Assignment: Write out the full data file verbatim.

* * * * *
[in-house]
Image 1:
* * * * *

[in-house]
Image 1: